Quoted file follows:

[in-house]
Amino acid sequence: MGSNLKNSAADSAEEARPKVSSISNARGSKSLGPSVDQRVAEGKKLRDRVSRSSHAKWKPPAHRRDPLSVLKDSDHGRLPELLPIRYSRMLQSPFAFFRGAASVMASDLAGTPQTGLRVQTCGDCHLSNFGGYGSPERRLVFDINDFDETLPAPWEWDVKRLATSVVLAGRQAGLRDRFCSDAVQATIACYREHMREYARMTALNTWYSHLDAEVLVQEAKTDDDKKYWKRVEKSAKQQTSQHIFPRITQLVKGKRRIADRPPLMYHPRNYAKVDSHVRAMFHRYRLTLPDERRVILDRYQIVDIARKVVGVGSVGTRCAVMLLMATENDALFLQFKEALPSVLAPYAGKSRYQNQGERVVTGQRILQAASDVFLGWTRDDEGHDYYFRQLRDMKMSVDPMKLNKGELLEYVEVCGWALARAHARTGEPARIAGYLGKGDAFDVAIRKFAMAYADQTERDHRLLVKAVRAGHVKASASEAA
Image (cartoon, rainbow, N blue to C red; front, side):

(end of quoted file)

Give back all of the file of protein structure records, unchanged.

[in-house]
Amino acid sequence: MGSNLKNSAADSAEEARPKVSSISNARGSKSLGPSVDQRVAEGKKLRDRVSRSSHAKWKPPAHRRDPLSVLKDSDHGRLPELLPIRYSRMLQSPFAFFRGAASVMASDLAGTPQTGLRVQTCGDCHLSNFGGYGSPERRLVFDINDFDETLPAPWEWDVKRLATSVVLAGRQAGLRDRFCSDAVQATIACYREHMREYARMTALNTWYSHLDAEVLVQEAKTDDDKKYWKRVEKSAKQQTSQHIFPRITQLVKGKRRIADRPPLMYHPRNYAKVDSHVRAMFHRYRLTLPDERRVILDRYQIVDIARKVVGVGSVGTRCAVMLLMATENDALFLQFKEALPSVLAPYAGKSRYQNQGERVVTGQRILQAASDVFLGWTRDDEGHDYYFRQLRDMKMSVDPMKLNKGELLEYVEVCGWALARAHARTGEPARIAGYLGKGDAFDVAIRKFAMAYADQTERDHRLLVKAVRAGHVKASASEAA
Image (cartoon, rainbow, N blue to C red; front, side):